A study published in JAMA Internal Medicine has found that implementation of a telemedicine component in intensive care units does not reduce mortality or length of stay among ICU patients.
The multi-institution study followed 6,939 patients at seven Department of Veterans Affairs hospitals in 2011-2012, about evenly split between patients who were treated in intervention ICUs (1,708 in the pre-telemed period and 1,647 in the post-telemed M period) and 3,584 treated in control ICUs during the same period. Patient demographics and comorbid illnesses were similar in the intervention and control ICUs during the pre-telemed and post-telemed periods.
The authors wrote implementation of ICU telemedicine was not associated with a significant decline in ICU, in-hospital, or 30-day mortality rates or length of stay in unadjusted or adjusted analyses.
For example, they discovered unadjusted ICU mortality in the pre-telemed vs post-telemed periods were 2.9 percent vs 2.8 percent for the intervention ICUs and 4 percent vs 3.4 percent for the control ICUs. Unadjusted 30-day mortality during the pre-telemed vs post-telemed periods were 7.7 percent vs 7.8 percent for the intervention ICUs and 12 percent vs 10.2 percent for the control ICUs.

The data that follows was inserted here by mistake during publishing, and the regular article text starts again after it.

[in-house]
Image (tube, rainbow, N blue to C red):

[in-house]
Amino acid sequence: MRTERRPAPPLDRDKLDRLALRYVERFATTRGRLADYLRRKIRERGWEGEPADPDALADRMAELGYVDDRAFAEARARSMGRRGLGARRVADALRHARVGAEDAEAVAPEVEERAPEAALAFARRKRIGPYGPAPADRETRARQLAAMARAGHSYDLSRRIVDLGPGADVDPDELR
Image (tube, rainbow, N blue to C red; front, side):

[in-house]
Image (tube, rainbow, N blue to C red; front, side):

"Evaluation of interaction terms comparing the magnitude of mortality rate change during the pre-TM and post-TM periods in the intervention and control ICUs failed to demonstrate a significant reduction in mortality rates or LOS," they wrote, concluding with "We found no evidence that the implementation of ICU TM significantly reduced mortality rates or LOS."
In an accompanying invited commentary, M. Elizabeth Wilcox, M.D., of the University Health Network in Toronto, and Jeanine P. Wiener-Kronish, M.D., of Massachusetts General Hospital, said the absence of observed benefits "may have been inevitable given the low mortality rates observed in the controls, reflecting an already high standard of care and/or simply low illness severity."
In contrast, they noted a study conducted in 56 ICUs showed both lower mortality rates and ICU and hospital length of stay in ICU telemedicine implementations. The ICU environments most likely to benefit from ICU telemedicine, they said, were those with comparably less robust infrastructure or ICU capacity strain.
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